8. fire and fury [OLD]

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By the time I got back home, I was regretting accepting Ian's offer of a burger

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By the time I got back home, I was regretting accepting Ian's offer of a burger. The sensory overload of the day clung to me, and nothing other than crossing the threshold of my home would shed the weariness. As delicious as crisp pickles, juicy beef, and melty cheese sounded, I never felt like leaving the house after I got home. Could I cancel? Was it okay to do that?

"Mom, I'm home!" I called out as I entered the house through the garage. I stopped at the fridge to pour myself a glass of the pink lemonade that I'd made last night.

"Kavya, we're in the living room!"

It was the way she said We that gave me pause. So not Simran and Dad, then. I edged into the living room, wondering if I could creep behind the couch to get to the stairs before they saw me.

No such luck. Mom's guest zeroed in on me with a broad smile.

"Yē, Kavya," said Mrs. Kapoor, waving me over with the hand that wasn't holding a cup of chai. Her lipsticked mouth had left smudges on the rim.

A plate of assorted Indian snacks lay on the coffee table, untouched. Mrs. Kapoor didn't eat packaged food. Instead, she pushed a thali toward me. "Just something I made for tonight's kitty party," she said. "I wanted your mom to have a taste first."

The steel plate held two dozen overlapping round vadas, each vegetarian patty fried golden-brown and embedded with kernels of corn. I slid one loose. It was still warm.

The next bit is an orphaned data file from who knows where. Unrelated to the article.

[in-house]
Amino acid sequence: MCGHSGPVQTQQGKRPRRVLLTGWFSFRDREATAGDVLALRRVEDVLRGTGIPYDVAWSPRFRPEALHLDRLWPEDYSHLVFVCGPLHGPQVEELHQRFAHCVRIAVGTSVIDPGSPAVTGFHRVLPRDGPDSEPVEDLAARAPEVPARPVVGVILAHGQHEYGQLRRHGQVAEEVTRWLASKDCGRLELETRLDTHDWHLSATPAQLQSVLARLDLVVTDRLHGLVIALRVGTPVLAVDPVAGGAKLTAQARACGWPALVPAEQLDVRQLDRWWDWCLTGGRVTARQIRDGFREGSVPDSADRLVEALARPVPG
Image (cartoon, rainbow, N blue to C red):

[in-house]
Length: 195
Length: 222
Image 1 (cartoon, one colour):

"Arey, eat, eat," said Mrs. Kapoor. "You're too skinny."

I flushed, knowing I wasn't, but I bit into the sweet corn masala vada, anyway. It was crispy and fragrant with the aroma of mint and curry. The little kick of green chili at the end hit the spot, and I smiled around my bulging cheeks.

Mrs. Kapoor leaned back in her chair with satisfaction. "Mona, I'll WhatsApp you the recipe. You always oversoak your chana dal, that's why your vadas aren't crispy. Don't let it sit overnight—just two hours is enough. Haan, and pan fry. I know you like to bake them, but food always tastes better when you stand there and put in the time."

"Haan, haan." Mom nodded. She met my eye and busied herself with refreshing the tea cups.

I swallowed the rest of the vada, wishing she hadn't agreed with Mrs. Kapoor. So what if she oversoaked the lentils and baked the patties instead of frying them? Mom's vadas were fantastic. Even after twenty-two years of marriage, Dad's eyes still lit up when Mom cooked. Even the simplest of dishes was praised as though it was fit for a king.

And why wasn't Mom saying that herself? Why was she agreeing like Mrs. Kapoor knew best?

My stomach clenched. I hated the deference Mom—and every other Indian woman—showed Mrs. Kapoor. And in that second, I hated the helpful little smile on our guest's face, the insensitive way she sat in our living room and criticized my mother's cooking.

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